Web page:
In the face of increasing migrant flows, public discourse often focuses on the perceived negative effects on the native population. But do less educated immigrants really displace similarly skilled native workers? Or do they rather complement native skills, thus stimulating natives’ specialization and increasing their job opportunities and wages? A recent New York Times article seeks to debunk the myth of “job-stealing” immigrants. It cites research by various IZA network members including Giovanni Peri (University of California, Davis), one of the leading experts on this topic.
In a new IZA Discussion Paper, Mette Foged and Giovanni Peri examine the labor market outcomes of low-skilled natives in response to massive inflows of immigrants to Denmark during the period 1991-2008. The inflow, mainly caused by refugees from Former Yugoslavia, Somalia, Afghanistan and Iraq, consisted of mostly low-skilled workers, who were distributed across Danish municipalities through a centralized program. This administered distribution of immigrants provides a “natural experiment” to assess the impact of immigration on native labor market success.
Natives benefit from occupational upgrading and specialization
The findings suggest an occupational upgrading and specialization of natives in the face of immigrant inflows. While immigrants are initially restricted to occupations and jobs consisting of manual tasks due to their language problems, natives leave these jobs by specializing in more complex jobs with a primarily interactive task content. Accordingly, immigration increased native low-skilled wages and mobility. Contrary to popular belief, but in line with previous research, the study does not find an increase in the probability of unemployment for unskilled natives.
A geographically wider approach was applied by Peri in joint work with Cristina Cattaneo and Carlo V. Fiorio in their paper “Immigration and careers of European workers: effects and the role of policies” (published in the IZA Journal of European Labor Studies), which examined the effect of immigrants on the career of natives using data from eleven European countries. They found that in countries and occupations with larger immigrant competition, natives are pushed to faster occupational upgrades towards jobs using more sophisticated skills, requiring higher education and paying higher wages.
Natives are also more likely to undertake entrepreneurial activities in response to larger immigrant competition. This implies that immigrants “push up” natives in the labor market, and the overall effect on wages and income of natives is small and usually positive. While some natives may still be crowded out, new job opportunities are created at the same time as foreigners take jobs complementary to those of natives.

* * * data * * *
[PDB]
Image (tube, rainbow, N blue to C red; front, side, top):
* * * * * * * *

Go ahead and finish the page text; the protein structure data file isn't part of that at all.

No negative effects on wages and job opportunities
These articles enrich an already extensive literature on the effect of immigration on native wages, which Peri has summarized in his IZA World of Labor article “Do immigrant workers depress the wages of native workers?”. It is based on a review of 27 original studies published between 1982 and 2013. Most of these studies for industrialized countries have found, on average, no effect on the wages of native workers. To understand the impact of immigrant workers on wages, immigration and the response of firms and workers must be analyzed together. Such studies show that native workers’ wages have been insulated by differences in skills between native and immigrant workers, adjustments in local demand and technology, expansion of production, and specialization of native workers in response to rising immigration.
The implications of Peri’s findings are that immigrants do not hurt, but may even improve, native labor market opportunities by filling manual and less-skilled occupations. More open immigration policies, combined with flexible labor markets, could thus result in better career opportunities for natives. Overall, the fear of immigrants “stealing” native jobs is clearly unjustified.
Evidence from Syrian refugees in Turkey
This also applies to refugee flows, as another recent IZA Discussion Paper shows for the local economy of southeast Turkey. While the massive influx of refugees from Syria increased food prices and – to a lesser degree – housing prices, the labor market appears unaffected in the regions bordering Syria. This can only partially be explained by Turks moving away from the Syrian border as there are far more refugees arriving than residents leaving the region.